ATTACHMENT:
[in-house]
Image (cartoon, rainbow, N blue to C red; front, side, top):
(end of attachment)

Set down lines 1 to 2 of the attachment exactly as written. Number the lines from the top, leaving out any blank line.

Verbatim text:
[in-house]
Image (cartoon, rainbow, N blue to C red; front, side, top):